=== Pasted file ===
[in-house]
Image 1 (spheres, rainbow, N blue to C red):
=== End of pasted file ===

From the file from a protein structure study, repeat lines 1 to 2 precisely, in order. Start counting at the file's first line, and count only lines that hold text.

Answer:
[in-house]
Image 1 (spheres, rainbow, N blue to C red):